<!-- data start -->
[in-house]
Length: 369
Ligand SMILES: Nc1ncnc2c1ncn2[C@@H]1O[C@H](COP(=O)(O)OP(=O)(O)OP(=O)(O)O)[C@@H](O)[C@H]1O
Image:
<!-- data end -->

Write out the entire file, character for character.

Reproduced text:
[in-house]
Length: 369
Ligand SMILES: Nc1ncnc2c1ncn2[C@@H]1O[C@H](COP(=O)(O)OP(=O)(O)OP(=O)(O)O)[C@@H](O)[C@H]1O
Image: